These days, Apps are everywhere and run just about everything. There are Apps for your movie theaters, your grocery stores, and for just about any random convenience you can think of. Which is why it’s a little surprising that there isn’t an App for the PATH, that essential link between lower Manhattan, Hoboken, and a few other spots in New Jersey.
If you live in Hoboken, chances are you rely on the PATH at least somewhat. Even if you don’t work in New York, popping into the city for nightlife, culture, or other reasons very likely means you’ve familiarized yourself with the intense, soul-killing heat of the Hoboken PATH platform. And yet, amazingly, the Port Authority of New York and New Jersey, with runs the PATH system, has no native App for you. If you go to the “App Center” you’ll see a list of Apps that may or may not actually offer you useful info about the PATH.
There are, in fact, three PATH-specific Apps out there. These Apps don’t try to give you info on every single rail line in the area. They only offer PATH info, which makes them a bit more useful than Apps that try to cram in buses, subway, and light rail information as well.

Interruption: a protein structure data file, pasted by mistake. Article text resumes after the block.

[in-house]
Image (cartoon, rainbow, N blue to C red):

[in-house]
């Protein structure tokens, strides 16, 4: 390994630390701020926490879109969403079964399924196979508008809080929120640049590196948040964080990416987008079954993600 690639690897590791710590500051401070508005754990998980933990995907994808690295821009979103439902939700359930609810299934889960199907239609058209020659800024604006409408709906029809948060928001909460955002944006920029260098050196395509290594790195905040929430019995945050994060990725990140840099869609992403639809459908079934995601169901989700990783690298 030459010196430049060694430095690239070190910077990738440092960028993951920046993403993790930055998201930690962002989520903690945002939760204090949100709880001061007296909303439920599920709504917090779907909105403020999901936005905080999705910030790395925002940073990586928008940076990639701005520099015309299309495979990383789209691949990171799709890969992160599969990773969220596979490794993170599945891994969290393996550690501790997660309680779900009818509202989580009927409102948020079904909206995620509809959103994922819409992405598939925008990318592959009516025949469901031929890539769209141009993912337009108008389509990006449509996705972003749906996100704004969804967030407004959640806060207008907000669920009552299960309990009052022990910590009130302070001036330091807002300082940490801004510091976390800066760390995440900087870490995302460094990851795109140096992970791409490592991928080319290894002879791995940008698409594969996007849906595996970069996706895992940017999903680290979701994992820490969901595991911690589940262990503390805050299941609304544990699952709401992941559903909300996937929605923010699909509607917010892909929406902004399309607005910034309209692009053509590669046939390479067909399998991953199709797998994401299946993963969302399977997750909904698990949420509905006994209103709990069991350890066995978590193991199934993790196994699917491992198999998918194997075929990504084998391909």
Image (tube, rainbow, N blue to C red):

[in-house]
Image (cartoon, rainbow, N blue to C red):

The newest App offers both a paid and ad-supported free version. Sporting a striking interface that let’s you simply select the station you’re starting from and the destination and then displaying a countdown to the next train, it also offers an interactive schedule screen with plans to offer integrated PATH alerts in the future. Development seems to be in high gear, so there should be some expansion and progress for this App.
This ad-supported App offers a service map (useful if you, like me, constantly forget what the Weekend service looks like), a live scheduler that tells you when the next train is coming, and an interactive trip planner that is about 80% reliable (you might have some trouble getting it to recognize your text inputs). While that’s probably most useful for out-of-towners, it might come in handy if you need to go someplace unfamiliar and ride PATH lines you’ve never used before.
This similarly-named App, sadly, looks like abandonware; it simply doesn’t work. The culprit appears to be OS updates from a few years ago that no one bothered to incorporate into the App, which can be a real issue when your software is designed, coded, and maintained by a single person. When they lose interest or the App stops generating ad revenue, they simply move on with their lives and you have a useless hunk of code on your phone.
You might not need an App to master the PATH (and those of us who have lived here all our lives have an almost Force-like sense of the schedules), but Apps make everything just a little easier. What Apps do you use to get around? Let us know!